Lancet Global Health: Understanding lung health beliefs in low-resource settings

17 December, 2021

Interesting paper suggesting that (lack of) basic healthcare information is at least partly to blame for the rising prevalence of smoking in low- and middle-income countries.

CITATION: Lancet Global Health: Comment| volume 10, issue 1, e6-e7, january 01, 2022

Understanding lung health beliefs in low-resource settings

Jennifer M Wang et al.

Published: January, 2022



Two common preventable risk factors for chronic respiratory diseases (CRDs) are tobacco use and household air pollution (HAP). However, many middle-income and low-income countries continue to face rising smoking epidemics despite increasing legislation of WHO tobacco control policy recommendations... understanding local health beliefs and practices remains central to the effective introduction and long-term adoption of any health intervention.

Through an observational mixed-method study5 published in The Lancet Global Health, Brakema and colleagues examined health beliefs and behaviours related to CRDs in six low-resource settings in Uganda, Vietnam, Kyrgyzstan, and Greece. ... Three main themes were identified.

The first theme involved perceived disease identity. Community members frequently attributed chronic respiratory symptoms to acute communicable diseases, predominantly tuberculosis. Most community members had not heard the term chronic obstructive pulmonary disease and did not understand the chronic and non-communicable nature of asthma and chronic bronchitis...

The second theme centred around beliefs regarding the causes of CRDs. Tobacco smoking topped this list, which also included HAP, witchcraft in Uganda, the evil eye in Kyrgyzstan, a hot–cold disbalance in Vietnam, and humidity in Greece.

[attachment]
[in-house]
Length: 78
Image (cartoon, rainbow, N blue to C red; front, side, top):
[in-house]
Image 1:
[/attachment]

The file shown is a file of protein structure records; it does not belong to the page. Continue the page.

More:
The third theme focused on norms and social structures. Most smokers in this study were men and smoking behaviour was associated with masculinity in Vietnam and Kyrgyzstan...

The factors behind incomplete medical knowledge of CRDs among health-care providers were not systematically examined in this study...

LINKED PAPER: Brakema et al.

'In conclusion, to facilitate a successful implementation process of CRD-related interventions in low-resource settings, implementers should address the locally perceived identity of CRD, local beliefs about causes, and local social values and structures that influence health behaviour. Therefore, we recommend these beliefs and behaviours be mapped before every intervention to design tailored implementation strategies.'

COMMENT (NPW): We often take it for granted in high-income countries that 'everyone' knows the links between lifestyle factors such a smoking and smoking, obesity and diabetes, and so on. The picture in low- and middle-income countries is much less clear and we need to know more. It seems likely that many millions of people worldwide are unaware of the impact of their behaviour on health. This is an issue that HIFA stands ready to explore: contact us if you would like to collaborate.

Best wishes, Neil

Neil Pakenham-Walsh, HIFA Coordinator,